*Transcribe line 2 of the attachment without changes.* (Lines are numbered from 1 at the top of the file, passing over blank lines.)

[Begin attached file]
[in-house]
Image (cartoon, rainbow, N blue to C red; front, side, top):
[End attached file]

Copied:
Image (cartoon, rainbow, N blue to C red; front, side, top):